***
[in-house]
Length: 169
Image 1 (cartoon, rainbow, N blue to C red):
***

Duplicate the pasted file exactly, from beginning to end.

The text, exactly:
[in-house]
Length: 169
Image 1 (cartoon, rainbow, N blue to C red):